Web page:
GnuPG private key resilience against off-line brute-force attacks (was: Re: Backup of private key)

Ciprian Dorin, Craciun ciprian.craciun at
Sat Nov 28 17:55:25 CET 2009

On Sat, Nov 28, 2009 at 5:47 PM, David Shaw <dshaw at> wrote:
> On Nov 28, 2009, at 9:42 AM, Ciprian Dorin, Craciun wrote:
>>   Maybe someone could clear this out (at least from GnuPG part). (My
>> original post was related with both GnuPG an OpenSSH).
>> ~~~~~~~~~~ Original post:
>>   (I have a very basic question that to most of the persons reading
>> this news-group might seem trivial. But anyway...)
>>   My concern (as stated in the subject) is related to the security
>> strength of GnuPG and OpenSSH secret / private keys in the following
>> context:
>>   * the secret / private keys are encrypted by using a password that
>> only me (the owner) knows;
>>   * an attacker is in possession of my secret / private key files;
>>   * the attacker wants to gain access to the secret / private key
>> (thus being able to impersonate me);
>>   * the attacker chooses as attack method to brute-force the files
>> off-line, by trying to guess my password;
>>   * (by guessing the password I mean trying all possible passwords
>> that fit a given pattern; the password is not a dictionary word, but
>> instead is (truly) randomly created (i.e. DiceWare);)
>>   The question is: what does GnuPG or OpenSSH do to slow down
>> password brute-force? I mean does the password derivation function use
>> some iterations? If so how many? Can I configure them? I guess so but
>> I couldn't find any data on the net on a quick search. (Any references
>> are appreciated.)
> GnuPG (really OpenPGP) does iterated password hashing.  See section 3.7.13
> "Iterated and Salted S2K" of RFC-4880 for the fine details, but the gist is
> as you surmised - the passphrase is run through many hash iterations.  This
> slows down passphrase guessers as they must also repeat the hashing part the
> same number of times.  By default, GnuPG uses 65536 iterations of the
> pasphrase hash, but can be configured via the --s2k-count option to be as
> high as 65011712 iterations.
> Be careful though - in some cases, a too-large value can hurt you here.  If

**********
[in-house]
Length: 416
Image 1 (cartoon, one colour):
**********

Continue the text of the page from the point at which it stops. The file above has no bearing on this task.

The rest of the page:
> you create a passphrase-encrypted message on a fast machine, and pick a huge
> s2k-count, and then try to decrypt on a slow machine (say, a cell phone),
> the message may become effectively unusable since the repeated hashes can
> take an unusable amount of time on the slow processor.
> I'd have to look up the details if anyone is interested, but there was a
> case a few months back of a huge s2k-count actually causing an embedded
> device to trigger its deadman timer - someone had generated the message on a
> fast machine (so never noticed the large iteration count), but sent it to
> the slow one which clobbered it.
>>   Also, how many bits of security should my password have in order
>> to withstand an attack from a small / medium enterprise? (Government
>> is out of the question as they could get access to my infrastructure
>> by force...)
> Difficult question to answer, since everyone is going to wave around their
> opinion. :)
> I'd suggest starting with the various calculators on
> David

    Thank you for the quick reply. (This is the kind of answer I was
hopping to get. :) ) It seems that `s2k-count` escaped me. :)

    Maybe there should be an entry in the FAQ about this topic.

    Related with my question about the password bit strength there
still is a vale on my eyes. So I guess (sorry for not being properly
documented here):
    * the private / public key pair is generated by using whatever
means (RSA / DSA);
    * my password is taken and fed into "Iterated and Salted S2K" to
obtain the secret key encryption.
    * the private key data is taken and fed into '????' algorithm that
uses as password what has been obtained at the previous step.

    So my question about key strength is: what symmetric key algorithm
is used to safeguard the key. (Again I'm not properly documented
here.) And based on the identity of this algorithm, I can use the site
cited ( to determine a "best practices" key
length. (Other wise I'll have to go with the generic term "symmetric
key encryption"... :) )

>  Now the interesting question would be, how to calculate the real bit
> length of a passphrasse? I googled, and found this message, from this list:

    By key strength I mean the bits of entropy given by the password
generation pattern. For example a 4-digit PIN number has only 13.3
bits of entropy, even though we need at least 16 bits to store it.
(This was also pointed out by Farami in his reply.)

    Thanks again,

    P.S.: I'm also aware of the fact that iterations do not help at
all, if a big-budget agency (NSA and the like), is going to build a
hardware based brute-force key breaking, as they can build a pipeline
of iteration functions that would try one key in O(1) time. :) (Or I'm
wrong here?)

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